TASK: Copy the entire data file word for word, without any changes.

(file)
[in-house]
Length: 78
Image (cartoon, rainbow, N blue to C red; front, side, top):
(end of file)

[in-house]
Length: 78
Image (cartoon, rainbow, N blue to C red; front, side, top):